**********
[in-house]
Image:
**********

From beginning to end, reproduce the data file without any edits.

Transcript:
[in-house]
Image: